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Outbound Network Sluggish?

26 September 2001

The portion of the university's Ethernet that serves the residence halls is engineered to ensure good performance for content consumers rather than content providers. Each of approximately 10,000 student residents is provided a 10 Mbps Ethernet port. Download performance (data transferred from a content provider to your computer) is quite good, despite the fact that so many 10 Mbps users are sharing what amounts to a 100 Mbps connection between the campus and the Internet.

Downloads from the Internet to the campus can work well only if this 100 Mbps access pipe isn't saturated in the direction from campus to the Internet. It takes only a very small number of content providers on campus to generate enough traffic to completely saturate the connection to the outside world. In order to prevent this from happening, Communications Network Services employs traffic conditioning techniques to ensure that traffic sourced from residence halls and destined for the Internet remains at levels low enough to ensure that the pipe doesn't become fully saturated. This traffic conditioning ensures that the aggregate of all traffic that flows from residence halls to the Internet never exceeds 65 Mbps. This 100 Mbps "pipe" provides Internet access for the entire campus, not just residence halls, so a substantial portion is allocated to student network activity.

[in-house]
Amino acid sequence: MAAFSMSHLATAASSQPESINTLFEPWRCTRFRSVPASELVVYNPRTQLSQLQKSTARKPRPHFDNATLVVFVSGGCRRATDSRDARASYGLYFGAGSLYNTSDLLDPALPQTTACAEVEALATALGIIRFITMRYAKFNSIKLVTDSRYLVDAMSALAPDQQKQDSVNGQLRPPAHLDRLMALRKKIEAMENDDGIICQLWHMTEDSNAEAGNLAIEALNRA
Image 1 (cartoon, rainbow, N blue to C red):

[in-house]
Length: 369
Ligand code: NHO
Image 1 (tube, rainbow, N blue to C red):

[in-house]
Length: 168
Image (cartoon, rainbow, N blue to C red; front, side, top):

If users would simply turn off file sharing in Morpheus, KaZaA, etc, outbound transfers would be substantially faster. Most people install the software and leave file sharing enabled (it's on by default), which means that millions of people around the world are congesting the outbound pipe of the university by downloading files from student computers here. Many of those same people probably wouldn't care if they weren't sharing their own files, but were still able to access files shared by others.

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